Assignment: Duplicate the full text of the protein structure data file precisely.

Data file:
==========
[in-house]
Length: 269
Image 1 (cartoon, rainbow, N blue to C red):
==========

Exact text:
[in-house]
Length: 269
Image 1 (cartoon, rainbow, N blue to C red):